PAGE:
Monday, January 14, 2013

Fictional crime leads to real life convictions

US v. Min, et al.: Saraeun Min participated with several others in a conspiracy to steal drugs from the stash house of a drug cartel in Virginia.  Little did the members of the conspiracy realize, the drugs and stash house were fictions developed by the ATF to trap Min’s co-defendant Phun and his crew.  When the police revealed themselves to the crew, most of whom had gathered, ready to participate in the robbery, only Min waived his Miranda rights and confessed to the police officers his involvement in the conspiracy.

At trial, each of the other members of the conspiracy desired to have their joint trial severed from Min’s.  The Fourth Circuit has held admissible a co-defendant’s redacted statement that referred to the existence of another person through neutral phrases, e.g. “another person,” or “another individual.”  The district court determined that Min’s redacted confession did not implicate any one defendant in particular, nor did it leave the jury to fill in any obvious blanks:  it did not facially incriminate any other defendant.  The Fourth Circuit held that the district court did not abuse its discretion in denying the defendants’ motion to sever.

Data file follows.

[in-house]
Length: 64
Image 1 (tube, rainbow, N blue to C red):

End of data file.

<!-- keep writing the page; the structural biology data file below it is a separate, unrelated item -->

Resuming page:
On appeal, the defendants also made an impossibility argument, that the fictional nature of the premise of the stash house robbery should be a defense to their conspiracy charges, rendering the evidence against them insufficient.  The district court declined to permit the defendants from arguing impossibility during closing argument, and they challenge the exclusion of impossibility from the jury instructions.  The Fourth Circuit concluded here that factual impossibility is not a defense to conspiracy.
Additionally, defendants argued that the district court erred in permitting one of the case detectives to testify at trial about a conversation between the detective and Phun, the crew leader.  The detective testified as to what he personally understood Phun meant in the conversation, which the Fourth Circuit decided was rationally based on the detective’s knowledge, the context, and the detective’s past conversations with Phun, meeting the requirements of Federal Rule of Evidence 701 on lay witness opinion testimony.  The Fourth Circuit held that the district court properly admitted this testimony.
Finally, the district court corrected an error in the verdict form during the jury’s deliberation, and Phun argued that this constituted reversible error, improperly influencing the jury.  The Fourth Circuit determined that the defendants could not identify how the jury had been improperly influenced by the correction of a typo, and that if any error did occur, it was harmless.  The district court’s judgment was affirmed. 

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